Charles Platiau / Reuters

These are heady times in Saudi Arabia, as Crown Prince Mohammed bin Salman pursues a series of changes—including liberalization in some areas, such as allowing women to drive, and crackdowns in others, through detention or imprisonment of activists.

The pace of change, as well as admiring coverage in some precincts of the Western media, has perhaps obscured a crucial question: Can it last? MbS may be the toast of the town now, but he could also become toast, and a trio of Saudi watchers warn that the changes he has put in place could easily be reversed.

“I don’t think this way of doing business will survive,” said Hala Aldosari, a fellow at Harvard’s Radcliffe Institute for Advanced Studies who works on women’s rights. She made the comments Tuesday at the Aspen Ideas Festival, hosted by the Aspen Institute and The Atlantic. “He antagonized a lot of people. His legitimacy is now more external than internal. He does not have the support of the people.”

Karen Young, a senior resident scholar at the Arab Gulf States Institute, echoed Aldosari’s analysis. “What I hear from Saudis is this is a year and a half looking forward that’s extremely delicate,” she said. “There’s great wanting for something to work, and the UAE feels the same way … but it’s a critical moment right now.”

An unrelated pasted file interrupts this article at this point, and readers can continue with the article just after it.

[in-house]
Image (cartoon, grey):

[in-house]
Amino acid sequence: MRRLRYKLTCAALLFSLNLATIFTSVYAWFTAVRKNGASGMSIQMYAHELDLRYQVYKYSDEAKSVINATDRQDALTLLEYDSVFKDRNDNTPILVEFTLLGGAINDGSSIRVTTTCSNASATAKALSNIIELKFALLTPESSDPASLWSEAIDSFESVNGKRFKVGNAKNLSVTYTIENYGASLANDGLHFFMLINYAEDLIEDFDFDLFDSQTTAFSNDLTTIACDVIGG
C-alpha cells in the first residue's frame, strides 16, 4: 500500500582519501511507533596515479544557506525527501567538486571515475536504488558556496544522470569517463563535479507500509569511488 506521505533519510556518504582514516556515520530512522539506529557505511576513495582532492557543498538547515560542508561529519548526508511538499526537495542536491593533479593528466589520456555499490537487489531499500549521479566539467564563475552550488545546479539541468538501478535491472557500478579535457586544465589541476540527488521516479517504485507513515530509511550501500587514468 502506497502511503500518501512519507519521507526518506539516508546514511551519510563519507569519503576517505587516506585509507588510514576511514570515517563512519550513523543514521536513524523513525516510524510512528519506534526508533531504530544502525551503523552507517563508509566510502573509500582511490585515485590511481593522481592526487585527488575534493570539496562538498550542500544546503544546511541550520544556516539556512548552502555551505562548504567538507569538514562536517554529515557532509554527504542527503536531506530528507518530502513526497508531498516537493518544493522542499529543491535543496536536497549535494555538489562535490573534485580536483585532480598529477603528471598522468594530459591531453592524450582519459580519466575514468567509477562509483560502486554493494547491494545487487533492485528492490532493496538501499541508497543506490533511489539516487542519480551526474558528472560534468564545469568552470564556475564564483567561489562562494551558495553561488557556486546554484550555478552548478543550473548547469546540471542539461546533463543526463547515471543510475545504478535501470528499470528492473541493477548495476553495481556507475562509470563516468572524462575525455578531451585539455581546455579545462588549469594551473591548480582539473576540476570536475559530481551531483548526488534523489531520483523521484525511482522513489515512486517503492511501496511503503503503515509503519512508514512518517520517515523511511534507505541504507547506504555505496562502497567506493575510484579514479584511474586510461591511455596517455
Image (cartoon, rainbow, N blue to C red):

The young crown prince has done a good job of cultivating foreign allies, especially the U.S. and the United Arab Emirates, the panelists said, but his position internally remains tenuous—a danger that MbS has sometimes played up when justifying his legal crackdowns to outsiders. He warns of conservative religious backlash, but there’s also a risk posed by rivals within the Saudi royal family.

Perhaps a bigger danger, however, is economics. Saudi Arabia faces a glut of youth who see constrained opportunities, and low oil prices in recent years have hurt the state’s coffers. If MbS can’t deliver economically, it will imperil his hold on power, the panelists warned.

Even the heralded loosening of women’s right to drive, which took effect this week, is driven by that concern, said Young. “It’s really an economic rationale for the women’s opening. The reason you might want women to drive and to work [is] they’re your best hope at creating a two-income family.”

Activists have viewed the decreased restrictions on women as a bittersweet moment, since many of those who advocated most forcefully for women to drive are imprisoned or living in exile. In addition, Aldosari noted that while the government can change driving laws, women remain subject to strict guardianship laws, meaning that the reality of reform for any individual woman depends on the assent of her male family members.

Despite misgivings about the real depth of reform and rule of law, Malik Dahlan, a professor of law and public policy at Queen Mary University in London, said he is rooting for change to stick.

“I’m not embracing Tom Friedman’s perspective,” Dahlan said with a smile, referring to one particularly effusive take on the crown prince. Nonetheless, he said, “It would be apocalyptically risky for MbS to fail in his reforms. No one can afford it today.”

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